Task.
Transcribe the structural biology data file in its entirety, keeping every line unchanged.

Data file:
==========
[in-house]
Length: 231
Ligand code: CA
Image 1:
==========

[in-house]
Length: 231
Ligand code: CA
Image 1: